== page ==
With that point in mind, let’s see how we could apply some lean thinking in each of the four steps of learning and applying information to make our training more effective.
Lean Training Techniques for the Sensory Memory
Remember that the sensory memory is processing all the sensory stimuli going on during training, and that most of this is automatically filtered out by the brain in a pre-conscious manner. Your goal is to make sure the brain isn’t automatically filtering out the stuff you want your employees to learn.
And so lean’s focus on preventing waste begins right here. A good trainer can help the trainee by removing distractions from the room -- uncomfortable temperatures, irritating noises, slow computers and similar things that are likely to “stick” in the learner’s brain.
The trainer can also improving the training by including things that draw the trainee’s pre-conscious attention to the important aspects of the training materials. This can include things like arrows, circles and highlights in key points within a visual, for example.
Lean Training Techniques for the Working Memory
As you recall, the working memory is where your brain actively processes new information. You’ll also recall it can process only a very limited amount of information.
To create better training materials with the working memory in mind, follow these tips:
A. Create a set of “learning objectives” and only include training materials that support those objectives. A learning objective is something you want you want employees to be able to do when the training is over. Always begin the process of creating training by creating learning objectives. Then create training materials (and tests) that support those objectives, being careful to eliminate all the “waste” of unnecessary material you may want to add.
B. Break your training down into small “chunks” and organize those chunks in a way that helps your employees learn. To avoid overwhelming your workers, break your training down into small chunks of information. This helps them process the information without getting overwhelmed and losing it all.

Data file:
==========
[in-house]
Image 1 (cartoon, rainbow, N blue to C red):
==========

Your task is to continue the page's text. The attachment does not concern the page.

Next, organize those chunks in a manner that helps your workers build up the smaller pieces into an organized whole.
You can even diagram your chunks during the planning phase in a way that’s similar to value process mapping.
Remember your limit is about four pieces of new information -- then work in some practice to reinforce the information, or a break, or both.
C. Keep it simple and short. If your goal is to avoid overwhelming your workers, it’s important to cut your training to the bone. Include the important stuff, but nothing more. Remember, you’re trying to build a lean training program.
D. Keep the training active. The more your workers actively participate, the less likely they will be to tune out. Active training participation is one of several adult learning principles that will keep your workers more engaged.
E. Provide job aids when it’s not necessary to memorize things. Take a look at your training materials and see if it’s really necessary for workers to memorize all of it. If you can reduce the amount of pure memorization by providing them a job aid they can refer to on the job, do it.
Lean Training Techniques for the Long-term Memory
When information is moved from the working memory and stored in the long-term memory, it’s stored in little “packets” of related information called schemas.
As a result, it’s helpful to introduce new information by relating it to information your workers already know. Things like comparisons, similes and metaphors are very good at helping workers take new information and relate it to things they already know -- and, as a result, store the new information in existing schemas.
You may be thinking that we’ve been focusing on removing things from training and stripping it to the bone, and that here we’re talking about adding something. That’s true, but we’re talking about adding something that provides value to our “customer” by making it easier to learn something, so we’re not violating a lean principle (nor are we violating the guidelines for creating effective training).